My grandmother was born in 1899, the youngest child in a family of 11 children. She herself had only two children, and the first one was born when she was 27 years old. "I don't want to spend my life washing nappies and cooking food," she told my grandfather, and he agreed.
But it was up to my grandmother to figure out how to do it, and in those days a "decent" woman would not go out to buy condoms.
She would stand in line at the local pharmacy and let everyone pass before her until the store was empty. Then she would whisper to the shopkeeper that she wanted condoms.
"Next time just tell me 'two for three'," he told her, because that was how much they cost at the time.
"Two for three" became a code word in our family for the next three generations.
Almost one hundred years later, many women in the world still do not have their "two for three".
The State of the World Population 2012 Report, released last month by the United Nations Population Fund (UNFPA), found that worldwide, one out of every four women would like to plan their families but do not have the means to do so. This means that each year, 80 million women get pregnant without having chosen to be so.
Twenty-eight million of these pregnancies are estimated to end in abortions, often under circumstances that leave women dead, sterile, or with serious health consequences for the rest of their lives. About 40% of those unsafe abortions are undertaken by adolescents and young women.
There are several reasons for this. Many women do not know about family planning. They do not know where to find the methods. And when they do know they may face resistance by husbands, families, communities and religious leaders.
They may feel ashamed, or may not have the means to reach a health centre _ too far, too expensive or no one to accompany her.
Every day, about 800 women die from pregnancy- or childbirth-related complications around the world. Many of these could have been prevented with good family planning. In the end, we could say, they died of ignorance.
So it is heart-warming to read, in the State of the World Population Report, the story of Grace Mathews, a mother of two in Malawi, who walks and cycles for two hours to get the contraceptives she needs to plan her family. She reminds me of what my grandmother would have done.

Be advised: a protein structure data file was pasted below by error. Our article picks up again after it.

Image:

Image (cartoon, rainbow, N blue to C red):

Thailand has done very well with regards to family planning. In 1960, Thai women had on average six children; today they have fewer than two. About 80% of all Thai couples and women use modern means of contraceptives today. The lowered birthrates have made incalculable contributions to having healthier, more educated and more productive citizens, and families that are able to save and invest in their children like never before.
And yet, when it comes to adolescents, the system is not working. For the past 10 years, the adolescent pregnancy rate in Thailand has been close to 5%. This means that out of every one hundred young women aged nineteen or younger, five have been pregnant at some time.
The discussion on whether adolescents should have sex is a difficult one. But the reality is that they do, and always have done.
The average Thai boy or girl becomes sexually active at age 16, but does not get married until they reach the age of 25. It is in the intervening 10 years that they need all the support they can get.
Young people are entering, staying in and ending partnerships in ways different from previous generations, as part of an evolving world where each generation, collectively, defines its own norms. What we might be able to influence is whether or not they end up being pregnant or contract HIV or another sexually transmitted diseases.
Sexual education is key to this _ it exists in Thai schools but is not taught consistently, and teachers are often uncomfortable discussing the subject.
Health services adapted to the needs of young people are also essential _ they exist but are typically geared towards the needs of young married people, and again many health personnel are uncomfortable providing services to unmarried young people who come in for issues related to sexuality and reproduction. In the end, young people will go elsewhere for their information and their health needs _ or go nowhere at all.
A change in the quality of information and services provided to young people depends on a shift in attitudes towards their sexual and reproductive experiences. Research from around the globe suggests that today's young people are not necessarily more promiscuous than previous generations _ but they are more open about it.
Acceptance of their openness would go a long way towards improving their chances of navigating the early years of their sexual lives safely, so that if and when they decide to start a family it will be under the best of conditions.
In the end, family planning is not about planning how many children you wish to have _ it is about planning your life, about the right to plan your life as you see fit, and about society's duty to allow you to do so.
Family planning was always about putting choices back into the hands of people, about the victory of choice over chance. Education, health services, information, empowerment and positive attitudes are key to this _ the equivalent of my grandmother's pharmacy owner who told her to ask for "two-for-three".
My great-grandmother never knew this pharmacist _ she had 1 children, four of which died before they reached the age of five. My grandmother had two, and she had them by choice, not by chance.
Caspar Peek is Representative for Thailand, UNFPA, the United Nations Population Fund. He can be reached at peek@unfpa.
About the author
Writer: Caspar Peek